It turned out, the cold fingers and toes, the layers of thermal wear and preparation to withstand these kind of conditions, became just a small price to pay for the truly magnificent feeling being in their presence.
The chilling burn of the arctic faded away quickly, but the memories and moments I gained, will last forever.
It took me a long time to wind down from that experience, I was emotionally riveted. I had beat my mind, my condition and come away with memories worth more than any earthly treasures. Yet, Norway still had more gifts to give and God was busy stirring the heavens, waiting to show me the greatest sight of all.
Upon returning to Tromsø, we had a few days to rest, however I had been keeping my eye on the weather forecast as the weekend approached. It was predicting the first clear night of my stay so far which was coinciding with a 5kp solar flare expected to hit the atmosphere. Which means.. a potentially brilliant Aurora.. I barely slept the following few days, eagerly checking the night sky like I was waiting for a loved one to arrive on a magical sled or something. Finally as the predictions came into fruition, I noticed a faint swirl of green form out of the horizon, I quickly grabbed my Manfrotto bag and tripods and ran around to the rocky outcrop that looked down the fiords, roughly a 5 minute walk from where I was staying with the Whales Underwater team.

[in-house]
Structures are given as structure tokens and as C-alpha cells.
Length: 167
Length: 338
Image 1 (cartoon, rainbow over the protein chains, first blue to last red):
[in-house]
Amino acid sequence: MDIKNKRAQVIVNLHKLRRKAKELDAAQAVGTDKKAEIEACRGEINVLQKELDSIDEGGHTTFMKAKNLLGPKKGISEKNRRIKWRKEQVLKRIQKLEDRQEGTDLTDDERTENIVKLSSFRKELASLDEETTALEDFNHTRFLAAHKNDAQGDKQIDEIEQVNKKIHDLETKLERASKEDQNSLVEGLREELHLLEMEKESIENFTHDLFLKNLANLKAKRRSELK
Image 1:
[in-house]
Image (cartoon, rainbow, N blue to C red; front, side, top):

As I ran, the swirling green ribbons, began to explode in colour, illuminating the night sky with such vivid and brilliant colours that my mind was simply unable to comprehend the reality that I was witnessing.. I barely had time to set up my gear which I ended up just neglecting as I surrendered to the awe of what was happening above me. The swirling mixture of magic illuminated with fluorescent greens and teals as they danced across the galaxy.
At one point it was moving so fast and strong it felt as if God was cracking a whip within my soul.
I welled up and broke out in a joyous laughter of delight and amazement. It was by far the most unexplainable and brilliant miracle that I had ever seen. I was a believer well before this moment from being a recipient of Gods grace and favour, yet to witness such a wonder, surely strengthened my faith in ways I could not possibly articulate.
Somehow, I managed to press record a few times with my trembling and numb fingers and have put together a short documentary of what the Norway experience was like for me. I know the internet is full of great videos and content these days, to the point that I actually find it increasingly difficult to put out new work, especially when I’m working mostly alone, and with little to no budget. Regardless of circumstances though, and with the help of Darren Jew, Jasmine Carey, Ali Takau and the Whales Underwater team in Norway, we managed to create a visual experience for those that may not necessarily be able to go there physically, and a little inspirational invite for those that can..
Shot on Location in Skervoy, Norway with Whales Underwater. For information on this experience and booking for your own, visit www.whalesunderwater.com